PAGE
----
Coaching 101

Published: Apr 05, 2019
Modified: Mar 24, 2020

By Brian Emerson, Anne Loehr

A good manager must master the use of a number of different tools and know when each is appropriate and when it is not. Coaching is just one of these skills. We don’t want to give the impression that if a manager spends all of his time coaching, life will be dandy. Nothing could be further from the truth. An effective manager needs to know how and when to use the tool of coaching and when to pick another, more appropriate tool. There is an old adage that says, “When the only tool you have is a hammer, everything looks like a nail.”

We are the first to admit that coaching is not the only, or necessarily the best, management tool. However, when used appropriately in the right situation, coaching is a surefire way of developing and managing the people who report to you.

What Is the Tool of Coaching?
As we said, coaching is not the end-all-and-be-all of management tools. Employees need coaching when they are experiencing problems with the Attitude (motivation, confidence, energy, focus, determination) component of the Success Equation. Good indicators of a coaching situation are things like:

  • when a person is experiencing trouble completing a job that he should already know how to do (i.e., there is no Aptitude issue), 
  • when a person has gotten himself completely wrapped around the axle about a certain situation, or
  • when a person needs help dealing with the frustration he experiences because they do not have the resources needed to complete the task at hand.

As humans, when we are in these situations, it is natural to need help getting ourselves out of the weeds. We need someone or something to help get us to a place where we can see things clearly and make solid decisions from a position of effectiveness and empowerment instead of a place where we are completely hung up and not seeing straight. That’s where coaching comes in. Managers should use coaching as a tool when an employee has the skills and ability to do the specific task, but for some reason they are struggling with the confidence, focus, motivation, drive, or bandwidth to deal with the situation in a manner that is as effective as possible.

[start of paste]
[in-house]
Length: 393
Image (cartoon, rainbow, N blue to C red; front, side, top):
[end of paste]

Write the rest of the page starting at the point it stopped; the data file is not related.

Much to the dismay of many managers, Attitude issues usually far outweigh Aptitude issues. Try this experiment:

  • Think about your employees and the colleagues around you.
  • Take a minute and make a list of the types of things that they spend the majority of their time struggling with.
  • Examine the list.
  • How many things on the list have to do with Aptitude—not having the skills and abilities to do the tactical aspect of their jobs?
  • How many have to do with motivation, frustration, energy, focus, confidence, interpersonal issues, that is, the intangible things that have nothing to do with the actual skill of completing the job at hand (the “Attitude” part of the Success Equation)?

Usually, the majority of items on such a list involve Attitude—the keystone in the Success Equation that affects the Level of Success in exponential ways.

If managers want their employees to be effective, they need to be able to help them deal with all of the things that are in the Attitude grouping from the exercise above. Coaching is about providing the support and guidance necessary to do just that.